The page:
Armenian Patriarchate’s Bold Move To Sue the Turkish Government
BY HARUT SASSOUNIAN
We must commend Acting Patriarch Aram Ateshian and the Armenian Patriarchate of Istanbul for making the bold move of suing the Turkish government for the return of historically significant Armenian properties.
Turkish officials normally view such legal actions with hostility and exert great pressure on judges to reject property claims filed by minorities, making it extremely difficult if not impossible to win similar lawsuits. Nevertheless, this is a necessary first step in order to be able to appeal the Turkish court’s expected negative ruling to the European Court of Human Rights, where a plaintiff has a much better chance of a fair hearing.
The lawsuit filed by the Patriarchate on March 14 seeks the return of Armenian properties belonging to Sanasarian College in Garin (Erzeroum) which were confiscated by the Turkish authorities following the Genocide of 1915. The College’s extensive properties, now worth tens of millions of dollars, include nine plots of land in Garin, a garden house and vast farmland in the village of Aghveren, two plots in the village of Gez, and a large commercial property (khan) in the center of Constantinople (Istanbul).
Sanasarian College was founded in 1881 by a major endowment from Mgrdich Sanasarian, a wealthy businessman from Georgia, who had settled in St. Petersburg, Russia. The generous benefactor donated additional properties to the College in the late 1800’s.
Prior to 1915, Sanasarian College played a prominent role as a modernizing force during the Armenian national awakening. It was a European-style liberal arts school with the specific purpose of preparing teachers and professionals in various fields to assist the rapid development of Western Armenia’s economy. During its brief existence, the College produced hundreds of graduates, including many who rose to prominent positions. Armen Garo, the Armenian Republic’s first ambassador to the United States in 1918, was an alumnus of Sanasarian College.
Garin was an important base of operations for the Armenian Revolutionary Federation (Dashnagtsoutyoun) and its leaders who had taken residence there before 1915. One of ARF’s founders, Rostom, was appointed as superintendent of Garin’s school system, which included Sanasarian College.
Some meetings of the momentous ARF 8th World Congress were held in 1914 at Sanasarian College buildings. The Congress was interrupted by the start of the First World War. The Young Turk government had dispatched to Garin a high level delegation headed by Behaeddin Shakir, one of the masterminds of the Armenian Genocide, to pressure ARF into collaborating with the Turkish government’s wartime efforts. The ARF Congress turned down the request. The College closed down in early 1915 and its entire faculty and many of its students were killed during the Genocide. Shakir was assassinated by Armenian avengers in 1922 in Berlin.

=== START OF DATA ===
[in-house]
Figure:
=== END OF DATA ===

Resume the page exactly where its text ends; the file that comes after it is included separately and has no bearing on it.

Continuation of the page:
Ironically, a few years later, Garin was converted from a hotbed of Armenian activism to a center of Turkish nationalism with the convening of the historic Erzeroum Congress by Kemal Ataturk in 1919. Currently, the Sanasarian College complex is a Turkish museum.
Commenting on the lawsuit, Ali Elbeyoglu, the Armenian Patriarchate’s lawyer, told Hurriyet newspaper: “The Sanasarian Foundation was granted to the Patriarchate by philanthropist Mgrdich Sanasarian in the 1800’s. The administration and management of the Sanasarian Foundation legally belongs to the Patriarchate…. We are not going to content ourselves with the mere return of historical buildings. We are also going to demand compensation from the government’s General Directorate of Foundations for all material losses incurred by the Patriarchate since 1936.”
Earlier this year, the Armenian Patriarchate filed a separate lawsuit against the Directorate General of Foundations seeking the return of the Sanasarian Shopping Center (khan) in Istanbul. Even though the court imposed a temporary injunction, freezing all transactions involving the building’s disposition, the Directorate General of Foundations declared that it will not abide by the court’s order. The Patriarchate’s lawyer Elbeyoglu reacted by declaring: “This runs counter to all international legal [norms] as well as the Treaty of Lausanne. The Patriarchate is still in possession of the title deed,” Hurriyet reported.
In the past, when I criticized the Patriarchate for making public statements against Armenian national interests, I was accused of not fully appreciating the special circumstances under which Armenians live in Turkey, and was told to show more sensitivity to the fact that they are basically hostages in the hands of the Turkish government. Since this article commends the Patriarchate’s bold legal action, I am concerned that my words of praise might make some Armenians in Turkey just as uncomfortable. I am simply trying to be fair and even-handed, offering criticism or praise, as the occasion merits.